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Biofloc improves water, effluent quality and growth parameters of Penaeus vannamei in an intensive culture system

Santhana Kumar, V., Pandey, P.K., Anand, Theivasigamani, Bhuvaneswari, G. Rathi, Dhinakaran, A., Kumar, Saurav
Journal of environmental management 2018 v.215 pp. 206-215
Litopenaeus vannamei, Vibrio, allometry, ammonium nitrogen, biofloc technology, business enterprises, carbon, effluents, feed conversion, microbial biomass, molasses, nitrite nitrogen, nitrites, nitrogen, physicochemical properties, plate count, ponds, sediments, shrimp, shrimp culture, stocking rate, sugars, toxicity, water quality, wheat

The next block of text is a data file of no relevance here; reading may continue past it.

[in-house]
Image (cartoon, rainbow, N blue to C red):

Biofloc technology was evaluated with a view to analyse utilization of nitrogenous waste from the effluent and to improve water quality and growth parameters of Penaeus vannamei in intensive culture system. The experiment was carried out in two different treatment outdoor earthen ponds of 0.12 ha, one supplemented with carbon source (molasses, wheat and sugar) for biofloc formation and other was feed based control pond with a stocking density of 60 animals m−2 in duplicate for 120 days. Water, sediment and P. vannamei were sampled at regular intervals from the both set of ponds for evaluating physico-chemical parameters, nitrogen content and growth parameters, respectively. A significant reduction in the concentration of total ammonia nitrogen (TAN) and nitrite (NO2-N) were found in the biofloc pond than that of control pond. A significant low level of nitrogen was recorded in the effluents of biofloc pond in comparison to the control. In biofloc system, a significantly elevated heterotrophic bacterial count along with reduction in total Vibrio count was noticed. A significant improvement in the feed conversion efficiency (FCR) and growth parameters of P. vannamei was noticed in the biofloc pond. Growth of P. vannamei in the biofloc pond showed positive allometric pattern with an increased survival. The microbial biomass grown in biofloc consumes toxic inorganic nitrogen and converts it into useful protein, making it available for the cultured shrimp. This improved FCR and reduced the discharge of nitrogenous waste into adjacent environment, making intensive shrimp farming an eco-friendly enterprise.